Tag Archives: Korea

The Squid Zone

20 Nov

Koreans love eating squid. They like it raw, cooked, fried, grilled, ground up into a little powder and drunk with hot water. But it’s only when you enter a soccer stadium and see the sign, written in English, that you realize… you’ve entered “The Squid Zone.”

I guess that’s a good metaphor for the “expatriate experience.” I only lived in Korea for a year, so compared to some of my friends, my knowledge of that country is limited… and now, twenty years old. My “two truths and a lie” is always, “I partied with a quarter million Koreans on New Years Eve 2000.” Also took me two hours to get back to my hotel afterwards because they closed the Metro at midnight.

I worked at Taejon Christian International School in Daejeon, which is about two hours south of Seoul. Again, with the high speed rail built for the World Cup (which I also missed), you might make it one hour.

I had the opportunity to watch a game between the Taejon Citizens(?) play… someone in the old stadium that had a statue commemorating the Independence Movement with a heroic Korean standing in 20’s clothes, holding a grenade in his hand. So… that’s different. Then I’m going to my seat and I see the “Squid Zone” sign–in English–and had that seared into my memory.

They didn’t sing the national anthem–they played it, everyone stood, but no one sang. The hype guy had the Republic of Korean flag painted on his face and carried a little cymbal that he dinged to pep up the crowd. I honestly don’t know if he was hired by the team or just did this for kicks. I remember that the Taejon team lost, not surprising, since they were down in the standings that year.

Taejon (or Daejeon, they changed the official transliteration after I left) was probably the best place I could live. It was a “small town” of a million people, but because it was so packed together in the mountain valley, I could walk to the other side of the city in half an hour. I could reach nature easily, even when surrounded by multi-story apartment buildings. I stripped naked for hot spring baths and could still eat Pizza Hut, but frankly, they had NO Mexican food. I craved Taco Bell when I got home.

I still prefer Korean ramen over Japanese–there was a ramen machine right outside my apartment. I loved being able to go to cafes and have omelets. Street vendors with corn dogs. PC-bongs (computer cafes) where you could play games when you wanted to get out of the house. And going to movie theaters to watch English movies with Korean subtitles. I danced in the streets of Seoul at the drum festival and watched Armed Forces TV.

I love travel–usually hated the jobs that allowed me to do it–but I was so happy to live a life less ordinary… if only for a few years. Have you been an ex-pat? What’s the first thing you discover about living in a new place? Let me know in the comments below.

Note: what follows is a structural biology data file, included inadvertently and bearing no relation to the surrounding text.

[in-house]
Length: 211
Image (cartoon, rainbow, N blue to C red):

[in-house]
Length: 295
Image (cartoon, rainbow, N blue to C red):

Change Your Name, Change Your Life

31 Jul

There’s a saying among the expatriate community in Korea: “You can’t swing a dead cat without hitting a Kim, a Lee, or a Park.” So you would think there’s a lack of last names in Asia. The real reason is far more interesting.

I happened to pass a TV that was showing the LPGA tour. That’s my excuse and I’m sticking to it. However, it showed the leader board and it showed the name of Jeongeun Lee #6… which having never watched ladies’ golf before struck me as rather bizarre, but not that unexpected. Turns out that even those she’s is the only Jeongeun Lee in the LPGA, in the Korean league, she was the 6th one, and established her brand as #6.

Twenty years ago, my first real job out of college was at Taejon Christian International School, an international boarding school in South Korea. It was actually a very nice place and I’ve gotten the impression that it has been getting nicer since I left. At the time, they hadn’t built the new dorm and school buildings, and there was a small woods (with houses) nearby in the land between it and the Hannam University.

This is where I ran into the fundamental problem of a lack of Korean names. I believe JeongEun means “grace,” which considering the massive Christian presence, doesn’t surprise me. I’ve run into several “Graces;” the habit among most international Korean students is that their family named their kids something that could be translated into English as well as Korean and mean precisely the same thing.

I love this statue in Daejeon – outside the soccer stadium.

As mentioned above, there’s mainly three last names, so to have six women named exactly the same in a pro sports league is not that surprising. This was not always the case. You can look back through Korean history and find all manner of last names.

Why the change? Because after being occupied by the Japanese for fifty years, the newly freed Koreans in 1945 had burned the official records. There was no paper trail to prove that you were who you said you were. So people started giving themselves royal names. Kim, Park, and Lee all dated back to the families of kings of a free and independent Korea. These peasants wanted to improve their life, so they changed their name. The only problem was that EVERYONE figured this out and did it roughly at the same time.

This is not that unusual. Many of the new Zionist settlers to Israel changed their name to something more Hebrew sounding to start a new life. I knew one friend whose ancestor moved to Yorktown, Virginia and took his wife’s name to forget his past. I knew one guy in college who changed his last name to Angel because… it sounded cool. (Angel was also a popular show on TV at that moment.)

Does changing your name really make that much of a difference in your life? Have you met people who did this? Ladies, did taking your husband’s last name (or not) lead to a change in how people perceived you? Let me know in the comments below?

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